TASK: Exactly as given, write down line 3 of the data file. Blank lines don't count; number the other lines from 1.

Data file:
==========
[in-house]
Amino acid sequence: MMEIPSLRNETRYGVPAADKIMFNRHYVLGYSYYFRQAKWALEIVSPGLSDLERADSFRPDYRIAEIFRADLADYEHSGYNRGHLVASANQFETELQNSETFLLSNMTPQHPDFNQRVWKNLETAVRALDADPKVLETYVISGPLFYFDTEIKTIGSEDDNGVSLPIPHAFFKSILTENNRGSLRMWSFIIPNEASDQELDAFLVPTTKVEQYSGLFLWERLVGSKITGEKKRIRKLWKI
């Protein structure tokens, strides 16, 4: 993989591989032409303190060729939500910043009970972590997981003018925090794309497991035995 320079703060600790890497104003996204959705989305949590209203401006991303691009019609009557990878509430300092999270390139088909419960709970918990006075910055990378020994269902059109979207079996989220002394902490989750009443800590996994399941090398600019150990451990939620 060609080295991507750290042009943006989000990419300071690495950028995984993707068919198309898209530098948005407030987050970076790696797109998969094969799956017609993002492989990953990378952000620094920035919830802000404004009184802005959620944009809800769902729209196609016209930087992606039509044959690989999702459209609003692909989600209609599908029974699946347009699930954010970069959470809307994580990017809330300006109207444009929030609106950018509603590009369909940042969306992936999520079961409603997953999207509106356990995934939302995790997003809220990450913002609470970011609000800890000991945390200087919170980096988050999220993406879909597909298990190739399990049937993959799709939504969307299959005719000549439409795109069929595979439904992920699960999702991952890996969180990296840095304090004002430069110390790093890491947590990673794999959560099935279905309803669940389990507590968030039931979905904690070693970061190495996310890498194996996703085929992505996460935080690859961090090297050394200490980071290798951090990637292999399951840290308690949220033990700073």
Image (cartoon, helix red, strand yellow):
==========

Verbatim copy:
């Protein structure tokens, strides 16, 4: 993989591989032409303190060729939500910043009970972590997981003018925090794309497991035995 320079703060600790890497104003996204959705989305949590209203401006991303691009019609009557990878509430300092999270390139088909419960709970918990006075910055990378020994269902059109979207079996989220002394902490989750009443800590996994399941090398600019150990451990939620 060609080295991507750290042009943006989000990419300071690495950028995984993707068919198309898209530098948005407030987050970076790696797109998969094969799956017609993002492989990953990378952000620094920035919830802000404004009184802005959620944009809800769902729209196609016209930087992606039509044959690989999702459209609003692909989600209609599908029974699946347009699930954010970069959470809307994580990017809330300006109207444009929030609106950018509603590009369909940042969306992936999520079961409603997953999207509106356990995934939302995790997003809220990450913002609470970011609000800890000991945390200087919170980096988050999220993406879909597909298990190739399990049937993959799709939504969307299959005719000549439409795109069929595979439904992920699960999702991952890996969180990296840095304090004002430069110390790093890491947590990673794999959560099935279905309803669940389990507590968030039931979905904690070693970061190495996310890498194996996703085929992505996460935080690859961090090297050394200490980071290798951090990637292999399951840290308690949220033990700073």